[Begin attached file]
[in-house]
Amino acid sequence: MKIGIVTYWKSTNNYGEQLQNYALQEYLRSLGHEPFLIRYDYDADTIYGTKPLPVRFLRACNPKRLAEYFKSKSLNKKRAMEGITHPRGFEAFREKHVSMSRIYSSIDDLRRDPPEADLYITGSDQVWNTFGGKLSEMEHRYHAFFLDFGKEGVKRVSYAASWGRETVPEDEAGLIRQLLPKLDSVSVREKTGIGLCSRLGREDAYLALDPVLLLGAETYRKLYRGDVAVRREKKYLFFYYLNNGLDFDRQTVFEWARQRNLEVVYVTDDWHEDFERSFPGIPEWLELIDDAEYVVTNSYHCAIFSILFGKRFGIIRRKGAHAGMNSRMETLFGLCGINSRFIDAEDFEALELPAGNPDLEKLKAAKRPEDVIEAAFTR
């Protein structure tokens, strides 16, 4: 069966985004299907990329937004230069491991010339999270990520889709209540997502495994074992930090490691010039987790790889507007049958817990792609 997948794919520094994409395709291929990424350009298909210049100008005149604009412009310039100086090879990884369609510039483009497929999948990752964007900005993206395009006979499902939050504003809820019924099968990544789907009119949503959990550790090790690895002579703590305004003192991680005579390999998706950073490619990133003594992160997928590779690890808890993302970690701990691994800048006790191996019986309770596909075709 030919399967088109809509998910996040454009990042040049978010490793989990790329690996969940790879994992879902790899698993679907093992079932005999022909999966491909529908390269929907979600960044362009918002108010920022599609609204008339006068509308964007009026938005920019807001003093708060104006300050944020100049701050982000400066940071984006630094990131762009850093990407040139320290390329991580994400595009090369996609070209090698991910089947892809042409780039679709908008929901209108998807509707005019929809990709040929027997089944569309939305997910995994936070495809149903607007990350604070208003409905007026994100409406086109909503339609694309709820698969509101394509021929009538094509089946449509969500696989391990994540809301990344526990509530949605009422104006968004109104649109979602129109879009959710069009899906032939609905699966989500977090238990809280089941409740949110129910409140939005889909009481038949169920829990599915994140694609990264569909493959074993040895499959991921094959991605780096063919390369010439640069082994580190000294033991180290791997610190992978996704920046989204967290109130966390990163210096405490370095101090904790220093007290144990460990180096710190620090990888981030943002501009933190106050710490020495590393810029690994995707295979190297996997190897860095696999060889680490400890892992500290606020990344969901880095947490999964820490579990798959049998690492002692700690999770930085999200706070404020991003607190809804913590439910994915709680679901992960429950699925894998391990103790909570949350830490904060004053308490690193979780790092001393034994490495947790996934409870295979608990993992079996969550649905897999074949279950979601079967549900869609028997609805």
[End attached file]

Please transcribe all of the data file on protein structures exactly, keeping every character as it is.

[in-house]
Amino acid sequence: MKIGIVTYWKSTNNYGEQLQNYALQEYLRSLGHEPFLIRYDYDADTIYGTKPLPVRFLRACNPKRLAEYFKSKSLNKKRAMEGITHPRGFEAFREKHVSMSRIYSSIDDLRRDPPEADLYITGSDQVWNTFGGKLSEMEHRYHAFFLDFGKEGVKRVSYAASWGRETVPEDEAGLIRQLLPKLDSVSVREKTGIGLCSRLGREDAYLALDPVLLLGAETYRKLYRGDVAVRREKKYLFFYYLNNGLDFDRQTVFEWARQRNLEVVYVTDDWHEDFERSFPGIPEWLELIDDAEYVVTNSYHCAIFSILFGKRFGIIRRKGAHAGMNSRMETLFGLCGINSRFIDAEDFEALELPAGNPDLEKLKAAKRPEDVIEAAFTR
């Protein structure tokens, strides 16, 4: 069966985004299907990329937004230069491991010339999270990520889709209540997502495994074992930090490691010039987790790889507007049958817990792609 997948794919520094994409395709291929990424350009298909210049100008005149604009412009310039100086090879990884369609510039483009497929999948990752964007900005993206395009006979499902939050504003809820019924099968990544789907009119949503959990550790090790690895002579703590305004003192991680005579390999998706950073490619990133003594992160997928590779690890808890993302970690701990691994800048006790191996019986309770596909075709 030919399967088109809509998910996040454009990042040049978010490793989990790329690996969940790879994992879902790899698993679907093992079932005999022909999966491909529908390269929907979600960044362009918002108010920022599609609204008339006068509308964007009026938005920019807001003093708060104006300050944020100049701050982000400066940071984006630094990131762009850093990407040139320290390329991580994400595009090369996609070209090698991910089947892809042409780039679709908008929901209108998807509707005019929809990709040929027997089944569309939305997910995994936070495809149903607007990350604070208003409905007026994100409406086109909503339609694309709820698969509101394509021929009538094509089946449509969500696989391990994540809301990344526990509530949605009422104006968004109104649109979602129109879009959710069009899906032939609905699966989500977090238990809280089941409740949110129910409140939005889909009481038949169920829990599915994140694609990264569909493959074993040895499959991921094959991605780096063919390369010439640069082994580190000294033991180290791997610190992978996704920046989204967290109130966390990163210096405490370095101090904790220093007290144990460990180096710190620090990888981030943002501009933190106050710490020495590393810029690994995707295979190297996997190897860095696999060889680490400890892992500290606020990344969901880095947490999964820490579990798959049998690492002692700690999770930085999200706070404020991003607190809804913590439910994915709680679901992960429950699925894998391990103790909570949350830490904060004053308490690193979780790092001393034994490495947790996934409870295979608990993992079996969550649905897999074949279950979601079967549900869609028997609805």